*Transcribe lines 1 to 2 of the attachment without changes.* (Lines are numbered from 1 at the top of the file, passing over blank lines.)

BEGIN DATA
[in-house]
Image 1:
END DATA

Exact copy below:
[in-house]
Image 1: